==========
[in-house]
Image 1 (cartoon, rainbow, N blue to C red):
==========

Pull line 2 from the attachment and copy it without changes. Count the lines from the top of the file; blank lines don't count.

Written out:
Image 1 (cartoon, rainbow, N blue to C red):